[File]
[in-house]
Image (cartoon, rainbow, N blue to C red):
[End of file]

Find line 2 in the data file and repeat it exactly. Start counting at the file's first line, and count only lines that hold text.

Image (cartoon, rainbow, N blue to C red):